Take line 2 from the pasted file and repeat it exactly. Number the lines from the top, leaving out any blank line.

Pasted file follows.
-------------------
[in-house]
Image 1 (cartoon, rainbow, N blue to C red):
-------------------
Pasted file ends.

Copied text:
Image 1 (cartoon, rainbow, N blue to C red):